Birds need trees for food and shelter, but trees actually need birds, too. Biological sciences have proven what my gut tells me: when my kid hangs a pinecone feeder in the Sugar Maple, the Sugar Maple likes it. And if the Sugar Maple likes it, well, then it’s a perfect activity for Tu Bishvat, the birthday of the trees.
If a seed-laden nut-butter pinecone attracts more birds to a tree, chances are good some of those birds will hang around and chow down on bugs. We can keep the birds around with regularly maintained feeding stations that make our yards attractive to nest-building newlyweds in the spring, again augmenting the presence of birds, decimating the bugs, and thus benefiting our favorite trees.
The Jewish Reason
But there are other reasons we feed the birds at Tu Bishvat–super Jewy, traditional reasons. The Shabbat right before Tu Bishvat is Shabbat Shira, or Shabbat of the Song. A custom for Shabbat Shira is to feed the birds because, well, birds sing.
Plus, making these bird feeders any time of the year bags the kid-friendly mitzvah of tzaar baalei hayim, the commandment to take care of living creatures.
Re-Gifting is Good
Really, we’re re-gifting. The tree already gave us the pinecone. We take that gift from the tree, add to it a creamy spread made from tree fruit (almond butter, cashew butter, hazelnut butter), roll it in birdseed (likewise gleaned from the bounty of nature), and voila: a creatively repurposed gift aimed right back at the giver.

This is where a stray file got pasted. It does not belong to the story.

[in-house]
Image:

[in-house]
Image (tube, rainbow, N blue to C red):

We have so much more to be grateful for to trees than just cones and fruit, of course. They also give us medicine, shade, wood, wildlife habitat, food, beauty, oxygen, carbon sequestration, rainfall interception, and a bazillion products we use every day.
If you are new to the classic pinecone feeder, here’s a quick How-To.
Nut butter (peanut, soy, almond, etc.)
Blunt knife for kid to spread with
Shallow bowl or plate
Biodegradable yarn to tie to tree limb
1. Let child smear pine-cone with nut butter and then roll the pine-cone in a plate of birdseed.
2. Help her tie yarn to one end of pine-cone.
3. Hang from a tree limb that can be seen from the inside of the house, so kids can see birds enjoying the gift.